So, a moment of reckoning. Not with my bank, although it has finally relinquished all of my statements. (Brief note: if you are with the Yorkshire/Clydesdale, have requested your statements for the last six years, and are currently tearing your hair out in despair, be patient. They will arrive.) No, the reckoning has been made with my accountant. Poor man. I'd been wilfully ignoring his repeated requests for my 2005-6 accounts, until I realised that I would totally ruin his holidays if I allowed him to wait a minute longer.
So, I sealed myself in my office for two days, and applied myself to a towering pile of faded receipts. Everything went into a long list. The longer, the better. The more you can claim as a taxable expense, the shorter your resultant tax bill will be. Fascinating work. However, keen readers will know that 2005 was when I went into financial melt-down, kicked off my Life of Thrift, and, for the first time in 40 years, entered a world of prudence and extreme economies. So I hoped that this volte-face might be reflected in my accounts. After all, giving up Daniel Hersheson and Chanel in favour of the local hairdresser and Superdrug must have some effect, surely.
After a few hours alone with my calculations, I felt ready to do a bit of spreadsheet comparison. Let us see. Old-style 2004 Rosie apparently blew £291 on cabs in a year. Whereas New-style Rosie, who shuns cabs, spent... what? £545? Blimey. Well, they must all have been work related.
Let us continue. Theatre trips (old Rosie)? £158. Theatre trips (new Rosie)? £345. Well, I became a theatre critic halfway through this, so all of these tickets were clearly background preparation.
Let's turn to clothes. Old Rosie spent around £2,800 on clothes in a year. New, economic Rosie spent £1,800 on clothes (and shoes) in the same period. Result! I have indeed changed my habits. My sprees, if they happen at all, now take place in the safe terrain of Florence & Fred, at Tesco.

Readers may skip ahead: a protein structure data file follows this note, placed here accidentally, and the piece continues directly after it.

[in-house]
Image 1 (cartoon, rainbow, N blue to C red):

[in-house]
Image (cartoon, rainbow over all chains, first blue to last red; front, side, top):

Some things just didn't add up at all, however. I seemed to spend a huge amount on the congestion charge. But I'd apparently travelled everywhere by cab. And phone bills: my mobile and landline are both on supposedly cheaper tariffs, yet I am sad to see that I have managed to fritter away around £300 more on my mobile. Meanwhile, my landline, even though it is on bargain-basement TalkTalk, seems to have doubled in cost. How? Your guess is as good as mine. It's not as if I have a secret Parisian lover. As if.
Maybe I'll switch back to good old BT. At least BT is still courteous enough to bother sending out paper bills, rather than expecting you to download them for your records.
On the bright side, my haircuts have seen the light. Before you all start jumping up and down in indignation, I only claim a weeny bit for hair and make-up expenses. (Hell! I have a sexy byline picture to maintain.) Anyway, I seem to have saved £350 there.
I've also saved £2,000 on computer costs, because a) I didn't need to buy anything giant, and b) I changed my repair man from someone costing £800 an hour to someone costing £80. Shop around, thrift-seekers. It pays! And I've saved around a grand on travel expenses. The glorious Oyster card can answer for this, but the simple ploy of staying in the UK a bit more is just as effective. Indeed, this summer I'm saving many thousands of pounds on the family holiday by choosing to spend it in Britain. Radical!
In summary, my expenses are around £4,500 lighter, which is very good indeed. Pat on head and gold stars all round. Although, of course, if one is being anal about these things, one should really spend more on tax-deductible expenses, not less. Any savings need to be on real costs, like eating out and childcare.
So, my newly slender accounts might mean that I will have an even more hideous tax bill than last year to face this Christmas. Penalised for spending less: it's a Gordian knot of irony.Reuse content